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Alex Murdaugh, Heir to a South Carolina Legal Dynasty, Indicted for the Alleged Murders of His Wife and Son

Alex Murdaugh appears in an Oct. 14, 2021 mugshot obtained from the Orange County, Fla. Department of Corrections.

Richard Alexander “Alex” Murdaugh appears in an Oct. 14, 2021 mugshot obtained from the Orange County, Fla. Department of Corrections.

Alex Murdaugh, a disgraced South Carolina attorney and heir to a legal dynasty in that state’s Lowcountry region, has been indicted on two counts of murder and two separate weapons possession charges.  The counts are connected to the deaths of his wife Maggie Murdaugh, 52, and his son Paul Murdaugh, 22, on June 7, 2021, at Murdaugh family property in Colleton County.

South Carolina Attorney General Alan Wilson and South Carolina Law Enforcement Division (SLED) Chief Mark Keel announced the indictments on Thursday morning.

The indictment documents allege that Alex Murdaugh — whose full name is Richard Alexander Murdaugh — killed Maggie with a rifle and killed Paul with a shotgun.

Paul, Maggie, Alex, and Buster Murdaugh appear in an image obtained by NBC's "Today."

Paul, Maggie, Alex, and Buster Murdaugh appear in an image obtained by NBC’s “Today.”

In a statement, Wilson said the investigation remained active; due to the pending court case, he refused to comment in detail.  However, he did offer a few brief thoughts.

“All the efforts of our office and the law enforcement agencies involved in this investigation have been focused on seeking justice for the victims’ families,” AG Wilson said in a statement. “We want to thank the State Law Enforcement Division, the attorneys and staff in our office, and everyone who worked on this case for their tireless efforts to gather evidence and follow where it led. We also want to thank the Colleton County Grand Jury for listening to that evidence and for their service to the people of the state.”

SLED Chief Keel echoed those comments in a similar statement.

“Over the last 13 months, SLED agents and our partners have worked day in and day out to build a case against the person responsible for the murders of Maggie and Paul and to exclude those who were not,” Keel said.  “At no point did agents lose focus on this investigation. From the beginning I have been clear, the priority was to ensure justice was served. Today is one more step in a long process for justice for Maggie and Paul.”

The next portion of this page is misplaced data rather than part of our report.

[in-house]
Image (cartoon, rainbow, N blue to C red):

Buster, Maggie, Paul, and Alex Murdaugh appear in an image obtained by NBC's "Today."

Buster, Maggie, Paul, and Alex Murdaugh appear in an image obtained by NBC’s “Today.”

Dick Harpootlian and Jim Griffin, Murdaugh’s lawyers, provided this statement in response to the charges:

Alex wants his family, friends and everyone to know that he did not have anything to do with the murders of Maggie and Paul. He loved them more than anything in the world.

It was very clear from day one that law enforcement and the Attorney General prematurely concluded that Alex was responsible for the murder of his wife and son. But we know that Alex did not have any motive whatsoever to murder them. We are immediately filing a motion for a speedy trial, we are requesting that the Attorney General turn over all evidence within 30 days as required by law and we demand to have a trial within 60 days of receiving that evidence.

The Murdaugh family has been in the legal business for decades. As Law&Crime has previously noted, Paul Murdaugh’s grandfather, great-grandfather and great-great grandfather served as elected prosecutors across multiple generations in South Carolina’s Lowcountry region. Alex Murdaugh was himself never elected to the long-held family post, but his onetime biography in private practice said he was “a part-time Prosecutor for the 14th Judicial Circuit.”

Paul Murdaugh appears in a mugshot.

Paul Murdaugh appears in a mugshot.

Paul Murdaugh was facing several criminal charges in connection with a fatal boat crash when he died.  That 2019 crash killed 19-year-old Mallory Beach.  Paul Murdaugh had pleaded not guilty.

Alex Murdaugh’s myriad legal woes also involve an allegedly botched civil lawsuit over the death of housekeeper Gloria Satterfield.  Murdaugh is charged separately with obtaining property by false pretenses in a case connected to Satterfield’s death.

He was previously charged in mid-September with filing a false police report of a felony, insurance fraud, and criminal conspiracy to commit insurance fraud in connection with an alleged plot to have a former client kill him by the side of the road. The former client, Curtis Edward Smith, has denied criminal involvement with the matter.

Months before the roadside incident, Murdaugh said he found his wife Maggie and son Paul shot dead on the family’s property. His attorneys have long said he was a person of interest in those two deaths; Thursday’s indictment levies official charges in those matters.

Read the indictments below.

This report, which began as a breaking news piece, has been updated substantially since its initial publication.

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Aaron Keller holds a juris doctor degree from the University of New Hampshire School of Law and a broadcast journalism degree from Syracuse University. He is a former anchor and executive producer for the Law&Crime Network and is now deputy editor-in-chief for the Law&Crime website. DISCLAIMER:  This website is for general informational purposes only. You should not rely on it for legal advice. Reading this site or interacting with the author via this site does not create an attorney-client relationship. This website is not a substitute for the advice of an attorney. Speak to a competent lawyer in your jurisdiction for legal advice and representation relevant to your situation.